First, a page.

Criminal Law Questions? Ask a Criminal Lawyer.
Good morning. Is this the only criminal record he has, ever, anywhere?
The best avenue I see here, and it may be difficult, is expungement of the theft charge. The laws on who is eligible for expungement vary but are strict. It is almost always only allowed for 1st offense.
What type of job is he trying to get?
From a national guide to expungement:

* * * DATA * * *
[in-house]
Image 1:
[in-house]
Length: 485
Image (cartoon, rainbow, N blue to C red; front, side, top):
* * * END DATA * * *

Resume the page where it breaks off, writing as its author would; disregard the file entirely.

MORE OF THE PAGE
Eligibility and Factors Eligibility for expungement- Adults There are numerous circumstances which may qualify someone for an expungement order. 1st offense-Under statutes permitting expunction of criminal records of first offenders, it has been held that a criminal record consisting of two offenses arising out of substantially the same criminal transaction was not eligible for expunction. Whether multiple offenses are consolidated into one “first offense” depends on their interrelatedness and proximity in time. Lack of probable cause/unlawful arrest- Upon final discharge or exoneration, the order of expungement will include the arrest record and related court records. Police and other law enforcement records may also be included. Local ordinance- Sometimes an expungement statute will specify that persons arrested or convicted under a municipal ordinance may seek expungement in a municipal court. There are also statutes allowing expungement of certain petty offenses, such as loitering or disorderly conduct. False identification- When an innocent person is charged due to another person falsely claiming to be that person, they may have records expunged upon proof of misuse of their identifying information. Drug offenses-Some jurisdictions have enacted statutes providing for expunction of convictions on minor drug-related charges. They often require that the person successfully complete all terms of probation, which may include attending a drug rehabilitation program. It has been held that under a statute permitting such an offense to be set aside following successful completion of probation, the convicted person is entitled to expunction of his criminal record. Innocence- Persons found not guilty who are eligible to have records expunged usually have the least stringent conditions imposed on granting expungement. In statutes providing for expungement of records of exonerated persons, expungement is often made automatically upon the final determination of innocence. When a petition for expungement is required, a lengthy waiting period after the finding of innocence is not imposed. Termination in favor of the accused- Under statutes providing for the expunction of criminal records of a first-time offender where the criminal proceeding is terminated "in favor of" the accused, there is disagreement regarding the meaning of the "favorable termination" requirement. Although it has been held in some jurisdictions that for the purposes of such an expunction statute, a favorable termination may include successful completion of probation following a guilty plea, during which time an adjudication of guilt is withheld, other jurisdictions have held that any disposition other than an acquittal is not a termination in favor of the accused. Plea bargains- Sometimes the prosecutor may agree to expunge a related charge when a person pleads guilty to another charge. In some cases, a person may seek expungement of the charges dismissed pursuant a plea bargain agreement under the court’s inherent authority to expunge. Executive pardon/clemency- Expungement granted in conjunction with a pardon or clemency by the governor of a state is usually dealt with separately in the statute dealing with the power to pardon or grant clemency. The trend is to deny expungement of pardoned offenses, under the rationale that a pardon intends to forgive, as opposed to an expungement, which intends to forget. Probation- Under statutes providing for expunction of criminal records of a single conviction upon successful completion of probation or a suspended sentence, under circumstances where there is no subsequent conviction, there is authority that although several charges arise out of the same criminal transaction, they may be treated as a single conviction for the purpose of applying the expunction statute. However, there is authority that expunction is not available where the defendant has been incarcerated, or where there has been more than one conviction. Similarly, there is authority that subsequent convictions for traffic offenses, or convictions in other state or federal forums, may bar expunction. It has been held that in an application for expunction under such a statute, the petitioner is required to enumerate every offense for which he has subsequently been arrested in order to give the court an opportunity to determine the appropriateness of such relief.
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